Comcast Cable Advertising (CCA) on December 21st announced that they are making Blockgraph available in the first quarter of 2019.
Blockgraph is the new initiative that involves an “identity layer” on which media owners can offer advertisers audience targeting at scale in a manner that better ensures the privacy of their viewers and also helps protect them from data leakage.
Comcast’s Cable Advertising division have started their next phase of Blockgraph. Their project involves big industry players like mass media businesses like Viacom and advertising-sales firms such as Spectrum Reach.
President of Spectrum Reach David Kline stated:
“It’s imperative that the use of data prioritizes the privacy of consumers’ personal information. Blockgraph’s technology offers enhanced security and privacy protections by allowing all players within the TV ecosystem to directly share insights derived from anonymized and aggregated information.”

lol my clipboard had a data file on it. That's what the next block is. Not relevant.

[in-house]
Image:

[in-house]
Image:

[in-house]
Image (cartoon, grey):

As the TV landscape continues to be divided, so too does audience data. Blockgraph’s platform essentially has a multi-device identity layer that connects data points across the industry. It's a needed step forward as TV and media companies look to better compete with digital-first companies.
NBC Iniversal, a subsidiary of Comcasti going to test out Blockgraph's capabilities before the commercial rollout.
“It’s going to unlock a lot of value by bringing more data in a privacy compliant way to the point of transaction around advertising. Blockgraph facilitates the ability for an advertiser and the owner of an impression to understand across all available data sets, who the viewer is – in a de-identified privacy compliant way – and to understand all the attributes of a viewer. And to contextualize what’s happened before, during and after the impression, which all together determines the value of the impression,” said Viacom Chief Data Officer Kern Schireson.
Although Comcast doesn’t have much supporters and a positive look in the public’s eye. They have been repeadly accused of having monopolistic practices and even has been deemed as an “evil corporation.”
However, they have been friendly towards blockchain products. The telecom giants funded a New-York based blockchain startup Blockdaemon for $3 million in their seed round.